Conference Rationale

The aim of this conference is to materially advance the engagement of Catholic universities and the broader Catholic community with the most pressing environmental challenges of our time, primarily those related to climate change. The primary audience is faculty, students, administrators, and clergy at Catholic universities in the United States. Catholic student associations from secular universities, members of the broader Catholic community, and representatives of the U.S. conference of Catholic bishops, are also invited.

The conference is structured to encompass the multiplicity of approaches to environmental issues at Catholic institutions of higher learning, including those of theologians, scientists, sustainability practitioners, student activists, and clergy. The aim of the conference is to address the theological implications of climate change as well as the ethical implications viewed through the lens of Catholic Social Thought, with a focus on the opportunities for Catholic universities to assume a leadership role on this issue within both the academic and Catholic communities.

Catholic leaders have become increasingly vocal in recent years about the environmental implications of two central tenets of Catholicism: a God-centered and sacramental view of the universe and a passionate concern for the world’s poor. According to the first tenet, reverence for God compels reverence for and care for God’s creation; from this perspective, life on Earth is a gift and a responsibility. The destruction or diminishment of that gift does violence to our radical interconnectedness with the rest of God’s creation.

The second tenet compels us to seek justice for those who are most vulnerable. Environmental inequity has long been one aspect of the injustices perpetrated on the world’s poor, but climate change brings new threats to the world’s poor on many levels. The loss of glacial drinking water sources and the spread of vector-borne disease fall primarily on developing nations. Drought, displacement due to sea level rise, and increasingly severe heat waves and storms disproportionately affect the poor worldwide because they have less flexibility to adapt.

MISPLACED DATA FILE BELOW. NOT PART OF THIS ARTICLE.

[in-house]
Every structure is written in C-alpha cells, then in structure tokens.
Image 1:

Across the United States and the world, many universities are taking a leadership role in addressing climate change and unsustainable resource use. In the process of reducing their own environmental footprints, they are providing a market for emerging renewable and efficiency technologies, prompting their home cities and states to strive for meaningful sustainability goals and commitments, and inculcating sustainability as a core ethical value among the next generation of leaders.

Positioned as they are at the nexus of the academic and faith communities, Catholic universities have a unique opportunity to bring these two worlds together in the service of stewardship and environmental justice. Our goals in creating this conference are to enhance understanding, activism, and cooperation among Catholic universities in the area of sustainability, to contribute a valuable faith perspective to the national and international dialogue of university-based sustainability efforts, and to provide an inspiration for the broader Catholic community.